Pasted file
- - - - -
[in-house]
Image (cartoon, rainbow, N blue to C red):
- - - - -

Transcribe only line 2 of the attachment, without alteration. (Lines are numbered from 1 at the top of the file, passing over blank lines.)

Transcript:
Image (cartoon, rainbow, N blue to C red):